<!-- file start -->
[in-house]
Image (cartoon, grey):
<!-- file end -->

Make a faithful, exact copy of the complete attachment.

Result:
[in-house]
Image (cartoon, grey):